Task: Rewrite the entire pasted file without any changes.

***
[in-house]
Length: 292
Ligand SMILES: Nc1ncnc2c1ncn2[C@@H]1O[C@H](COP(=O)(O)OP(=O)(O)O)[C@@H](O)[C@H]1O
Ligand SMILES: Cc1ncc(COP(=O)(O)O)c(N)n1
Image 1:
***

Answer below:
[in-house]
Length: 292
Ligand SMILES: Nc1ncnc2c1ncn2[C@@H]1O[C@H](COP(=O)(O)OP(=O)(O)O)[C@@H](O)[C@H]1O
Ligand SMILES: Cc1ncc(COP(=O)(O)O)c(N)n1
Image 1: